Potential is the word best-used to describe the top 50 prospects in the state of Illinois for the Class of 2006.
While last year's crop, particularly on the offensive line, was one of the best in history, this year's group has more skill position players at the top and doesn't have quite the depth that the Class of 2005 had.
"Last year, Chicago was a destination," Rivals.com recruiting analyst Tim O'Halloran said. "This year, it is a stop-over."
Click HERE to view the 2006 preseason Illinois Top 50.
But that doesn't mean that there isn't a talented group in the Land of Lincoln. Led by Rivals100 quarterback Demetrius Jones, the preseason Illinois Top 50 is full of potentially great college football players, particularly at the skills positions.
"This class has a chance to be average or above average," O'Halloran said. "Overall, it is down from last year."
Jones, a dynamic dual-threat quarterback, is a four-star rated prospect and the No. 53 overall prospect in the country. He brings intangibles to the game that can't be taught.
"He might not have the strongest arm or be the fastest kid," O'Halloran said. "But he's a special player and you want him to have the ball in his hands. I've seen him take over games and you won't see that very often.
"He fits the prototype of what colleges are looking for in a quarterback."
Defensive end Jamie Cumbie, who recently committed to Clemson, is the state's No. 2 prospect. What makes Cumbie worthy of his lofty ranking is that he projects to possibly play a number of different positions at the next level.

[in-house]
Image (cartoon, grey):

"He could stay at defensive end, he's a good athlete and has the hands and speed to play tight end or he might be a great offensive tackle at Clemson."
Like Cumbie, quarterback Isiah Williams also has made an early commitment, giving his pledge to Ron Zook and Illinois. O'Halloran says that Williams has the strongest arm he's seen on a quarterback prospect in more than 20 years of scouting in Illinois. Williams and Jones, while both talented, bring different styles to the table in terms of quarterbacking.
Defensive back Sergio Brown, the No. 11 prospect, did the most to help himself during the May evaluation period. Brown had no offers heading into the May 7 Ann Arbor NIKE camp at the University of Michigan, but soon had double-digit offers soon after.
"He improved his stock with a good performance," O'Halloran said.
O'Halloran says that while "Chicagoland is know for three things, Pizza, election rigging and offensive lineman," there are several offensive line prospects who will have to prove themselves at summer camps this season in order to generate the kind of interest that Dan Doehring and company got last year.
Leading the way among the offensive lineman this year is Ramone Johnson. O'Halloran thinks Johnson is well ahead of every other offensive line prospect.
"He just brings it," O'Halloran said.
O'Halloran, who is releasing an Illinois Top 50 earlier than he ever has, feels that there could be movement in the rankings as performances in summer camps and during the 2005 high school season start to move players up or down.
"There could be a whole lot of shaking going on," O'Halloran adds. "It's like a Thunderdome. All the kids are going into a cage and we'll see who comes out.